Summary of the Federal Tort Claims Act
Federal laws apply to every citizen in the United States. The United States Federal government has immunity; therefore, it may not be sued unless it has waived its immunity or consented to suit. Through the Federal Tort Claims Act (FTCA), the government waives its immunity for certain acts committed by its employees, including medical malpractice. The government can only be sued when its acts could have been performed by a private individual, thus barring any claims against conduct that is uniquely governmental.
This means a victim of medical malpractice in a Federal health care facility, such as a Veterans Administration (VA) hospital or a military hospital, can sue under the FTCA because the government has waived its immunity in these situations. Most active duty military personnel cannot sue the VA for medical malpractice; only military dependants and retirees are generally eligible. Those who are eligible still must comply with the FTCA’s requirements.
The specific requirements to file suit are important. If they are not followed, victims will not be able to compensate for their losses. The notice requirement states the claim must be filed within 2 years from the date that the claimant knew, or should have reasonably known, of the negligence. This 2-year period is a statute of limitations period. If the statute of limitations expires, the claim cannot be filed and money damages cannot be recovered. Furthermore, the claim must be in writing using Standard Form 95, and it must contain a demand for a “sum certain,” which means that a specific dollar amount must be stated. If the claim does not contain a “sum certain” a judge may deem it invalid.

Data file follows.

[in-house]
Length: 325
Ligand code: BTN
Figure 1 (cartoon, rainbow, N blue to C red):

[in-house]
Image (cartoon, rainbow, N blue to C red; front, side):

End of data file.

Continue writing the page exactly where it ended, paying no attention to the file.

When filing under the FTCA, the claim is against the United States or a specific administrative agency, not the provider or health care center directly. Once filed, the United States has six months to investigate the claim. If it has not made an acceptable settlement offer after six months, the claimant can then file a complaint in Federal court. The law requires the six month waiting period before suit can be filed against the United States in Federal court. The governmental agency will send a letter informing the claimant of its decision and possibly a settlement figure. The claimant has six months to reject the figure and file suit. If the claimant fails to do so within this six-month period, he or she has lost the right to collect damages.
FTCA attorneys usually work on a contingency basis which means that there is no fee unless the case is successful. The most the FTCA permits an attorney to recover is twenty five percent of the damages awarded.